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Jokes in English, Lesson #2: Knock Knock Jokes

Lesson #2:  Knock Knock Jokes

A popular type of joke for children to use is a knock knock joke. Every knock knock joke starts with, “Knock, knock.” This is the sound of someone hitting a door to ask for entrance. When the first person says, “Knock, knock,” the response from the second person is always, “Who's there?” The person telling the joke will say something. Then the second person repeats what the first person said and adds, “who?” The person telling the joke will then give the punchline (the last line of a joke, the part that makes you laugh).

Here are some examples of knock knock jokes and the explanation of them.

1st person: Knock, knock.

2nd person: Who's there?

1st person: Amos.

2nd person: Amos who?

1st person: A mosquito bit me.

Many knock knock jokes use the names of people. This one uses the name Amos. It sounds like the beginning two words of the last line (the punchline), a mosquito. Here is one to use after this one.

1st person: Knock, knock.

2nd person: Who's there?

1st person: Andy.

2nd person: Andy who?

1st person: Andy bit me again.

Amos and Andy were two characters from an old radio show that started in the 1920s. This is probably why they are paired together with these two knock knock jokes. Andy is used here as the same sound as “and he” in English.

Here's another knock knock joke that uses a person's name.

1st person: Knock, knock.

2nd person: Who's there?

1st person: Noah.

2nd person: Noah who?

1st person: Noah body.

In this one, the punchline, “Noah body” sounds like the English word, “Nobody.”

Sometimes the joke teller uses something other than people's names. Here's an example:

1st person: Knock, knock.

2nd person: Who's there?

1st person: Aardvark.

2nd person: Aardvark who?

1st person: Aardvark a hundred miles for one of your smiles.

Most knock knock jokes use plays on words. In this joke, the play is on the word aardvark. An aardvark is an animal that eats ants. In English, we often call this kind of animal an anteater. An anteater and an aardvark are the same thing. In the punchline, the word aardvark is used because it is pronounced similarly to the English, “I'd walk.” The phrase “I'd walk a hundred miles for one of your smiles” is from an old song that was made popular by Al Jolson in the 1920s.

1st person: Knock, knock.

2nd person: Who's there?

1st person: One shoe.

2nd person: One shoe who?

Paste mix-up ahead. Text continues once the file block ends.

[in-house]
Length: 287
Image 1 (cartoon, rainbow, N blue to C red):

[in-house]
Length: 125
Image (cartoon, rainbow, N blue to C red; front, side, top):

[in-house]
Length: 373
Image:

1st person: One shoe open the door?

In this joke, “one shoe” sounds like the English, “won't you.” The punchline sounds like, “Won't you open the door?”

There are thousands of knock knock jokes in English. They can be hard to understand if you don't know the words the punchline sounds like. They are very common types of jokes, though.



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Lesson #2:  Knock Knock Jokes

A popular type of joke for children to use is a knock knock joke. Every knock knock joke starts with, “Knock, knock.” This is the sound of someone hitting a door to ask for entrance. When the first person says, “Knock, knock,” the response from the second person is always, “Who's there?” The person telling the joke will say something. Then the second person repeats what the first person said and adds, “who?” The person telling the joke will then give the punchline (the last line of a joke, the part that makes you laugh).

Here are some examples of knock knock jokes and the explanation of them.

1st person: Knock, knock.

2nd person: Who's there?

1st person: Amos.

2nd person: Amos who?

1st person: A mosquito bit me.

Many knock knock jokes use the names of people. This one uses the name Amos. It sounds like the beginning two words of the last line (the punchline), a mosquito. Here is one to use after this one.

1st person: Knock, knock.

2nd person: Who's there?

1st person: Andy.

2nd person: Andy who?

1st person: Andy bit me again.

Amos and Andy were two characters from an old radio show that started in the 1920s. This is probably why they are paired together with these two knock knock jokes. Andy is used here as the same sound as “and he” in English.

Here's another knock knock joke that uses a person's name.

1st person: Knock, knock.

2nd person: Who's there?

1st person: Noah.

2nd person: Noah who?

1st person: Noah body.

In this one, the punchline, “Noah body” sounds like the English word, “Nobody.”

Sometimes the joke teller uses something other than people's names. Here's an example:

1st person: Knock, knock.

2nd person: Who's there?

1st person: Aardvark.

2nd person: Aardvark who?

1st person: Aardvark a hundred miles for one of your smiles.

Most knock knock jokes use plays on words. In this joke, the play is on the word aardvark. An aardvark is an animal that eats ants. In English, we often call this kind of animal an anteater. An anteater and an aardvark are the same thing. In the punchline, the word aardvark is used because it is pronounced similarly to the English, “I'd walk.” The phrase “I'd walk a hundred miles for one of your smiles” is from an old song that was made popular by Al Jolson in the 1920s.

1st person: Knock, knock.

2nd person: Who's there?

1st person: One shoe.

2nd person: One shoe who?

1st person: One shoe open the door?

In this joke, “one shoe” sounds like the English, “won't you.” The punchline sounds like, “Won't you open the door?”

There are thousands of knock knock jokes in English. They can be hard to understand if you don't know the words the punchline sounds like. They are very common types of jokes, though.


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